FDA delivers de novo clearances to 2 novel antibacterial implant coatings

The FDA has handed out groundbreaking green lights to a pair of novel antibacterial coatings that each aim to keep implants as clean as possible during their short trip in the operating room from packaging to patient.

Though the initial de novo clearances cover spine and orthopedic hardware, the two developers—Orthobond and Onkos Surgical—said they believe their respective, proprietary disinfectants could one day be used to help shield a wide variety of implant types.

Orthobond’s Ostaguard surface treatment, for example, applies a non-eluting coating that mechanically kills bacteria as they land on the surface of a medical device—without using antimicrobial agents and still being safe for long-term human use. 

Ostaguard was first cleared for the company’s Mariner pedicle screw system used in spinal fusion procedures—though Orthobond said it plans to develop the coating for joint replacements, sports medicine and plastic surgery as well as cardiovascular and neuromodulation implants along with potentially nonmedical purposes in textiles and consumer products.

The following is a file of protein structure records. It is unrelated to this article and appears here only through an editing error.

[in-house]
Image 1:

According to the company, studies have shown that between 70% and 100% of failed joint implants removed from patients have displayed some level of contamination. 

“We believe our surface coating has the potential to be the standard of care for implantable devices to protect patients from pathogens, and that this will be transformative to the field of surgery and beyond,” Orthobond CEO David Nichols said in a statement

Meanwhile, Onkos Surgical’s clearance allows its ELEOSx limb salvage system and coating to be used in the replacement of leg bones following degenerative joint diseases such as osteoarthritis, or after surgeries to remove a cancerous tumor or treat severe trauma.

“Implant contamination is a growing concern to the orthopaedic surgical community,” said Steven Gitelis, M.D., Onkos’ chief medical officer and director of musculoskeletal oncology at Rush Cancer Center. “When bacteria contaminate the artificial joint, it can lead to a cascade of issues that can significantly impact the patient’s health. The current tools in our armamentarium are simply not enough to help solve this multifactorial problem.”

Both developers employ a quaternary ammonium compound—a common type of ingredient in disinfectants for bacteria, viruses and mold—that is covalently bonded with the implant. However, neither company has put forward clinical trial data that track their coatings’ impact on a patient’s risk of infection over time, according to the FDA.